William Ralph Inge
6 June 1860
|Died||26 February 1954|
|Alma mater||King's College, Cambridge|
Mary Catharine Inge
(m. 1904; died 1949)
|Church||Church of England|
|Title||Dean of St. Paul's Cathedral|
William Ralph Inge (; (6 June 1860 - 26 February 1954) was an English author, Anglican priest, professor of divinity at Cambridge, and Dean of St Paul's Cathedral, which provided the appellation by which he was widely known, Dean Inge. He was nominated for the Nobel Prize in Literature three times.
He was born on 6 June 1860 in Crayke, Yorkshire. His father was William Inge, Provost of Worcester College, Oxford, and his mother Susanna Churton, daughter of Edward Churton, Archdeacon of Cleveland. Inge was educated at Eton College, where he was a King's Scholar and won the Newcastle Scholarship in 1879, and at King's College, Cambridge, where he won a number of prizes, as well as taking firsts in both parts of the Classical Tripos. He was a tutor at Hertford College, Oxford starting in 1888, the year he was ordained as a deacon in the Church of England. His only parochial position was as Vicar of All Saints, Knightsbridge, London, from 1905 to 1907.
In 1907, he moved to Jesus College, Cambridge, on being appointed Lady Margaret's Professor of Divinity. Then, in 1911, Prime Minister H. H. Asquith chose him to be the Dean of St. Paul's Cathedral in London. He served as President of the Aristotelian Society at Cambridge from 1920 to 1921. Inge then became a columnist for the Evening Standard, a position he would hold until 1946. Inge was also a trustee of London's National Portrait Gallery from 1921 until 1951. He had retired from full-time church ministry in 1934.
He was made a Commander of the Victorian Order (CVO) in 1918 and promoted to Knight Commander (KCVO) in 1930. He received Honorary Doctorates of Divinity from both Oxford and Aberdeen Universities, Honorary Doctorates of Literature from both Durham and Sheffield, and Honorary Doctorates of Laws from both Edinburgh and St. Andrews. He was also an honorary fellow of both King's and Jesus Colleges at Cambridge, and of Hertford College at Oxford. In 1921, he was elected as a Fellow of the British Academy.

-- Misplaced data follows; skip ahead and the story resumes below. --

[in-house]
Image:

Many of Inge's views were unusual at the time. He disapproved of democracy, which he called "an absurdity" and compared it to "the famous occasion when the voice of the people cried, Crucify Him!" He was also known for his support for nudism: Inge supported the publishing of Maurice Parmelee's book, The New Gymnosophy: Nudity and the Modern Life. Inge was also critical of town councillors who were insisting that bathers wear full bathing costumes.
Inge's wife, Mary Catharine, was the daughter of Henry Maxwell Spooner. She died in 1949. His daughter, Paula, developed type 1 diabetes before insulin was widely available in the UK and died aged 14. Inge spent his later life in Brightwell, where he died on 26 February 1954, aged 93.
Inge was a prolific author. In addition to scores of articles, lectures and sermons, he also wrote over 35 books. He is best known for his works on Plotinus and neoplatonic philosophy, and on Christian mysticism. He was a strong proponent of the spiritual type of religion--"that autonomous faith which rests upon experience and individual inspiration"--as opposed to one of coercive authority. He was therefore outspoken in his criticisms of the Roman Catholic Church. His thought, on the whole, represents a blending of traditional Christian theology with elements of Platonic philosophy. He shares this in common with one of his favourite writers, Benjamin Whichcote, the first of the Cambridge Platonists. He was also a eugenicist and wrote considerably on the subject. In his book Outspoken Essays, he devotes an entire chapter to this subject.
He was nicknamed The Gloomy Dean because of his pessimistic views in his Romanes Lecture of 1920, "The Idea of Progress" and in his Evening Standard articles and he is remembered as a supporter of animal rights.
The following bibliography is a selection taken mainly from Adam Fox's biography Dean Inge and his biographical sketch in Crockford's Clerical Directory.
|Church of England titles|
| Dean of St Paul's
| Lady Margaret's Professor of Divinity
1907 - c. 1911
|Non-profit organization positions|
| President of the Aristotelian Society
F. C. S. Schiller
| President of the Modern Churchmen's Union
|Awards and achievements|
Frederick H. Gillett
| Cover of Time magazine
24 November 1924